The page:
I implemented the one factor Hull White model for educational purposes and I calibrated the model from a given (made up!) yield curve:

Yield curve

The Zero Coupon Bond Prices from this yield curve are:

Zero curve

Taking the log of the bond prices and use cubic splines for interpolation gives:

enter image description here

Calculating the instantaneous forward rates from the curve above using

$$ f^M(t) = -\frac{\partial \operatorname{log}P(t)}{\partial t} $$

where i use the first derivative of the cubic spline at time $t$ to calculate $\frac{\partial \operatorname{log}P(t)}{\partial t}$ results in

enter image description here

(blue are the forward rates, orange is the original yield curve)

When I calculate the Bond prices from the model I get the following result:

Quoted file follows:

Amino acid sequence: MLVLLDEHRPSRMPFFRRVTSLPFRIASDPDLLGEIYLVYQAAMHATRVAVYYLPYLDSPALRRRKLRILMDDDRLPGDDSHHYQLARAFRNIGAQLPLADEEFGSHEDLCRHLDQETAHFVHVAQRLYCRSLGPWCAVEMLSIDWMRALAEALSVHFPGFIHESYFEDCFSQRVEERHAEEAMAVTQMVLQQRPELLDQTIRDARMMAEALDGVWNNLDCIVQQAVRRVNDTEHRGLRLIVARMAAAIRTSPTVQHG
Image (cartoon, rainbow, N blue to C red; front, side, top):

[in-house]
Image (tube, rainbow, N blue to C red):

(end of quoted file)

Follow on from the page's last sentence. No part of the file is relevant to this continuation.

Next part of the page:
Model yield curve

The orange line are the bond prices from the model, the blue dots are the original bond prices.

My questions:

  • The forward curve has quite a swing. Is there a problem / fault in my approach?
  • Is it plausible that the model prices (last image) differ that much from the data I used for calibration?

The whole jupyter notebook is available here: https://nbviewer.jupyter.org/gist/wpla/435437ddc5bcb1f6bdcae274117725e7


1 Answer 1


The derivative of the bond prices is very sensitive to the interpolation mode. actually, if you use a linear interpolation mode, you will have some cases for which the right derivative is different from the left derivative at a given point.


Your Answer

By clicking “Post Your Answer”, you agree to our terms of service and acknowledge you have read our privacy policy.

Not the answer you're looking for? Browse other questions tagged or ask your own question.